Figure 4. Manus of human (Homo) in dorsal (left) and ventral/palmar (right) views. Carpal elements colored. Carpal 4 and pisiform palmar only. Compare to Diplovertebron (Fig. 1) in which so little has changed, including relative finger length.

The final step in carpal evolution
takes us from the lemur, Indri (Fig. 3) to the human, Homo (Fig. 4). Here a ventral (palmar) view of the manus is also provided so we can finally see the ultimate destination of distal tarsal 4.

Before finishing this blog post
scroll back and forth between figures one and four to see how close the human hand and all of its proportions so greatly resembles that of a very basal ampibian-like reptile. Even the relative finger length is the same. This is probably the most important takeaway today. The LACK of change is the news story here. Dinosaurs, horses and snakes cannot make the same statement.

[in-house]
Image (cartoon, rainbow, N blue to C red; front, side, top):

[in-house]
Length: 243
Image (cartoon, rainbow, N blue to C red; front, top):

There is no reason to continue using
the mammal specific identification of the carpals in paleontology when those bones are homologs to tetrapod wrist bones going back to the Devonian. Medical communities should also start using tetrapod homologs and let the analog identities fade into history.

Simply put:
There are five distal carpals named one through five in tetrapods. Some of them fuse with other carpals. There are three centralia. Some of these fuse with other carpals. Tetrapods have three proximal carpals. Their names are easy. The radiale is on the radius. The ulnare is on the ulna. The intermedium is intermediate between them. These tend not to fuse with other carpals, at least in basal placentals. And finally the pisiform appears by itself on the lateral margin sometimes in contact with the distal ulna sometimes not.

On a similar note,
we supported earlier efforts to provide tetrapod homologs for fish skull bones here. Make things simple. There is enough hard work out there without needlessly translating bone identities.


References
Hamrick MW and Alexander JP 1996. The Hand Skeleton of Notharctus tenebrous (Primates, Notharctidae) and Its Significance for the Origin of the Primate Hand. American Museum Novitates 3182, 20pp.